By Jas Singh
We all like to win. Or at least get what we want. But with the increased impact of technology and globalization, competition has never been greater.
Which often leads to disappointment.
Which usually makes us bitter.
Off course they cheated.
We lost the promotion because the other guy sweet-talked the management. We resent the competition for stealing our clients. We even feel bitter towards people we haven’t even seen – the manager who didn’t like our resume, or the other couple who bought the house we liked.
Yet top performers not only accept the competition, they respect it. Even embrace it. Some even live for it. They realize that as leaders, they are usually judged more not by how the react when things are going well, but when things are going badly.
In my experience, good leaders although fiercely competitive, are usually good sportsmen and sportswomen. They understand that losing is also a part of life.
Here are a few reasons why being a good sport is an essential part of leadership in any calling.
Sore losers are seldom fun to be around, let alone work with. A negative personality repels others, creates resentment and creates a “win-at-all-cost” mentality – ethically or not.
We’ve all worked in companies who will take any opportunity to trash talk the competition. Such organisations usually also take the opportunity to brain wash employees that the “others” are to be avoided at all cost. The dark side.
Yet embracing and respecting the competition improves culture. Firstly, it allows you to improve – by learning the best bits from others. Just like exceptionally performing athletes “pull” the rest of the competition up, the same is true of business. Secondly, being a good sport shows more belief in you own companies capabilities – that you are confident you can improve to win next time – rather than being a sore loser and make excuses. And thirdly, creating a good sportsmanship culture encourages workers to be fair and ethical at all times – to win in the right way.
2) It brings perspective
Accepting defeat honestly, brings humility, another essential skill in leadership. In the high stakes and high pressure world of business, those who become stressed over every mistake and defeat will not last long.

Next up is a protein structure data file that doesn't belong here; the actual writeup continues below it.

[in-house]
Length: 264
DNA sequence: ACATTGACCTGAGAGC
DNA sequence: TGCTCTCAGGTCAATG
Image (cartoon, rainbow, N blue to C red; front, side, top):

Work pressures are already causing record levels of physical and mental disease. Being a good sport and looking at defeat with a lighter frame of mind brings balance and perspective. Running a $50 million revenue stream although important, is not a matter of life and death. Off course there is competition. You will lose to others. Take it on the chin, learn, and move on.
Rather than permanently being defensive and stressed, good sports usually have more perspective to the real situation.
3) It enhances reputation
I had client once who used to run a sales team selling high performance software to hedge funds. Great guy – great mentor, super motivated, really got involved with the sales process from bottom to top.
Only issue was he hated losing. Despised it. And made his feelings clearly known.
His sales team often commented about how they hated going to visit him if they knew they were going to lose a deal. He would flip. Sparks would fly. Refusing to accept defeat sometimes he’d even insist his team try to go back and change the clients mind. (If you’ve ever worked with hedge funds you’ll understand how laughable that concept is).
Everyone likes to work for a winner, but no-one likes a sore loser. It shows weakness. It’s unrealistic. And most importantly of all, it creates isolation.
Modern day greats such as Warren Buffet, Richard Branson and Bill Gates are outstanding examples of leaders who know how to lose with grace. Despite increasing levels of competition and even targeted campaigning (e.g Apple vs Microsoft), you’ll rarely find them trash talking the competition.
Being a good sports shows integrity and respect. It enhances your reputation.
4) It fosters collaboration
We’ve often heard how today’s competition is tomorrow’s partner.
With the fast changing business landscape, never has this been truer. Never have their been more partnership opportunities. More and more strategic collaborations. Increasing levels of mergers and acquisitions. More need to attract people from the competition to meet growing hiring requirements.
Those who are sore losers alienate the competition. Which means alienating tomorrow’s potential partner. Great leaders understand that respecting all others is an essential ingredient in long term success.
As any MBA student will tell you, in virtually any market, once the growth starts to slow there will always be consolidation. Just one look at Wall Street will tell you that – in 10 years the number of tier one investment banks has literally halved. From personal experience, I can tell you that many who had little respect for the competition have been unable to find another job.
Sportsmanship fosters collaboration further down the line.
How you win is how you are celebrated. But how you lose is how you are judged.
Hiring managers need to ensure they hire those who are ambitious but with a good attitude of sportsmanship – towards competitors, colleagues and even themselves.
Are you a good sport?
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